The 60th Operations Group is AMC’s largest operations group, responsible for executing the missions of the operational support squadron, which includes the KC-10 Flying Training Unit and four flying squadrons that fly three major weapon systems: the KC-10, the C-5 and the C-17.

The 60th Operations Group is comprised of:
• 60th Operations Support Squadron
• 6th Air Refueling Squadron (KC-10)
• 9th Air Refueling Squadron (KC-10)
• 21st Airlift Squadron (C-17)
• 22nd Airlift Squadron (C-5)

60th Maintenance Group
The 60th Maintenance Group is responsible for aircraft maintenance and aerial port operations of assigned aircraft at Travis AFB.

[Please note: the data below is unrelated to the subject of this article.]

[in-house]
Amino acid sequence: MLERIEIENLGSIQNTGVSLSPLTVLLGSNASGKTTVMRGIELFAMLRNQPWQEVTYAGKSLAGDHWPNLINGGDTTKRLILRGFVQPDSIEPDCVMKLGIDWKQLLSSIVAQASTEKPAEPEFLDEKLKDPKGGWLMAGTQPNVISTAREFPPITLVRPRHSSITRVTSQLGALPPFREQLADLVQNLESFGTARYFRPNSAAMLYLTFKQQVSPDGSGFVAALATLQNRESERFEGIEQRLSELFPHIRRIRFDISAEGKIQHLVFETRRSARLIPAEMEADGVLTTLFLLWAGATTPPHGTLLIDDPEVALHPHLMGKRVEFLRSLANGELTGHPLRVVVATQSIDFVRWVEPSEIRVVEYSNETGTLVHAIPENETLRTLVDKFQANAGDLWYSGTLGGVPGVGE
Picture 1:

The 60th Maintenance Group is comprised of:
• 60th Aerial Port Squadron
• 60th Aircraft Maintenance Squadron
• 60th Maintenance Squadron
• 60th Maintenance Operation Squadron
• 660th Aircraft Maintenance Squadron
• 860th Aircraft Maintenance Squadron

60th Mission Support Group
The 60th Mission Support Group is responsible for mission readiness, law enforcement, firefighting, communications, transportation, contracting and day-to-day activities which help Travis run like its own city.

The 60th Mission Support Group is comprised of:
• 60th Civil Engineer Squadron
• 60th Communications Squadron
• 60th Contracting Squadron
• 60th Logistics Readiness Squadron
• 60th Security Forces Squadron
• 60th Force Support Squadron

60th Medical Group
The 60th Medical Group manages a Joint Commission-accredited teaching hospital, David Grant USAF Medical Center.